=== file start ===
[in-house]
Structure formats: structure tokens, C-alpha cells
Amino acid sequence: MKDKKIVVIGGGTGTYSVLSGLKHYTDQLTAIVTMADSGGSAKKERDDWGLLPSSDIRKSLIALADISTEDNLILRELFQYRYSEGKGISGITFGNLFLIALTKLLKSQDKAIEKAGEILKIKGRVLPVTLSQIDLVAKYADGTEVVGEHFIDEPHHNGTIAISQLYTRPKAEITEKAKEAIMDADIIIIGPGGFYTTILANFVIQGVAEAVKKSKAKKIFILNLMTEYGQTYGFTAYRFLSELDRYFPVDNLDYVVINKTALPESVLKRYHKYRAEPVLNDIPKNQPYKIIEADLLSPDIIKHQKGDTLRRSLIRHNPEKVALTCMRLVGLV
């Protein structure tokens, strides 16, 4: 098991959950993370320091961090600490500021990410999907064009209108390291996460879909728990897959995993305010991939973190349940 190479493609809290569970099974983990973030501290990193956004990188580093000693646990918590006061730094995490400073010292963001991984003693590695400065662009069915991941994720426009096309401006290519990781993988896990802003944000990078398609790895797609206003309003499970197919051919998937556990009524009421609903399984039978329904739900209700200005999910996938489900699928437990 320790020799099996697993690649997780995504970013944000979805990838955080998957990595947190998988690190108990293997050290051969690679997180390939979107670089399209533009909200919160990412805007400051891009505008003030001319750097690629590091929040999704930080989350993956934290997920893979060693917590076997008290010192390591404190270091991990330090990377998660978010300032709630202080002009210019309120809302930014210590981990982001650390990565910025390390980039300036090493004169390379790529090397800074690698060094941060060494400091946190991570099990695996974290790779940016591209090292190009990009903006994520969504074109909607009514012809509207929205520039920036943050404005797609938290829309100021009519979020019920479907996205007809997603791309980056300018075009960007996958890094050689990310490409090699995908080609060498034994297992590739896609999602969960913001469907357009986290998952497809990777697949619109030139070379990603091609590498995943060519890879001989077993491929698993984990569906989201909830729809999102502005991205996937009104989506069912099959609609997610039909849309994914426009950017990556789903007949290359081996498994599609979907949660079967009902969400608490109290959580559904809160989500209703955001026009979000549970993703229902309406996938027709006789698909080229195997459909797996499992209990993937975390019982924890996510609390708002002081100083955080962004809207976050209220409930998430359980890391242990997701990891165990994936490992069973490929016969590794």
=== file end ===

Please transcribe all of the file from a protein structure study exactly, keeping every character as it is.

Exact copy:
[in-house]
Structure formats: structure tokens, C-alpha cells
Amino acid sequence: MKDKKIVVIGGGTGTYSVLSGLKHYTDQLTAIVTMADSGGSAKKERDDWGLLPSSDIRKSLIALADISTEDNLILRELFQYRYSEGKGISGITFGNLFLIALTKLLKSQDKAIEKAGEILKIKGRVLPVTLSQIDLVAKYADGTEVVGEHFIDEPHHNGTIAISQLYTRPKAEITEKAKEAIMDADIIIIGPGGFYTTILANFVIQGVAEAVKKSKAKKIFILNLMTEYGQTYGFTAYRFLSELDRYFPVDNLDYVVINKTALPESVLKRYHKYRAEPVLNDIPKNQPYKIIEADLLSPDIIKHQKGDTLRRSLIRHNPEKVALTCMRLVGLV
């Protein structure tokens, strides 16, 4: 098991959950993370320091961090600490500021990410999907064009209108390291996460879909728990897959995993305010991939973190349940 190479493609809290569970099974983990973030501290990193956004990188580093000693646990918590006061730094995490400073010292963001991984003693590695400065662009069915991941994720426009096309401006290519990781993988896990802003944000990078398609790895797609206003309003499970197919051919998937556990009524009421609903399984039978329904739900209700200005999910996938489900699928437990 320790020799099996697993690649997780995504970013944000979805990838955080998957990595947190998988690190108990293997050290051969690679997180390939979107670089399209533009909200919160990412805007400051891009505008003030001319750097690629590091929040999704930080989350993956934290997920893979060693917590076997008290010192390591404190270091991990330090990377998660978010300032709630202080002009210019309120809302930014210590981990982001650390990565910025390390980039300036090493004169390379790529090397800074690698060094941060060494400091946190991570099990695996974290790779940016591209090292190009990009903006994520969504074109909607009514012809509207929205520039920036943050404005797609938290829309100021009519979020019920479907996205007809997603791309980056300018075009960007996958890094050689990310490409090699995908080609060498034994297992590739896609999602969960913001469907357009986290998952497809990777697949619109030139070379990603091609590498995943060519890879001989077993491929698993984990569906989201909830729809999102502005991205996937009104989506069912099959609609997610039909849309994914426009950017990556789903007949290359081996498994599609979907949660079967009902969400608490109290959580559904809160989500209703955001026009979000549970993703229902309406996938027709006789698909080229195997459909797996499992209990993937975390019982924890996510609390708002002081100083955080962004809207976050209220409930998430359980890391242990997701990891165990994936490992069973490929016969590794």